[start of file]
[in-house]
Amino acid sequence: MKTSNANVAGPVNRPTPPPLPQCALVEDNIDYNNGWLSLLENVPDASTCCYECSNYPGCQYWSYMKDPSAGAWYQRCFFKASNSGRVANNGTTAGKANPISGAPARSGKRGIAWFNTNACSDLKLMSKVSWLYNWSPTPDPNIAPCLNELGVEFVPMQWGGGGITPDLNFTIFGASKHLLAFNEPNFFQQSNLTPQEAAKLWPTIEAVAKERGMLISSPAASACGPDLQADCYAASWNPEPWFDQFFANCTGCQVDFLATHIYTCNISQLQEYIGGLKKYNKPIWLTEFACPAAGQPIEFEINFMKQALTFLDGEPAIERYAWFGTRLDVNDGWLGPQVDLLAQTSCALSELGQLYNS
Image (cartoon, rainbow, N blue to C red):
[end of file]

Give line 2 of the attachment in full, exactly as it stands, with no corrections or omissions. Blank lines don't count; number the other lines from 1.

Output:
Amino acid sequence: MKTSNANVAGPVNRPTPPPLPQCALVEDNIDYNNGWLSLLENVPDASTCCYECSNYPGCQYWSYMKDPSAGAWYQRCFFKASNSGRVANNGTTAGKANPISGAPARSGKRGIAWFNTNACSDLKLMSKVSWLYNWSPTPDPNIAPCLNELGVEFVPMQWGGGGITPDLNFTIFGASKHLLAFNEPNFFQQSNLTPQEAAKLWPTIEAVAKERGMLISSPAASACGPDLQADCYAASWNPEPWFDQFFANCTGCQVDFLATHIYTCNISQLQEYIGGLKKYNKPIWLTEFACPAAGQPIEFEINFMKQALTFLDGEPAIERYAWFGTRLDVNDGWLGPQVDLLAQTSCALSELGQLYNS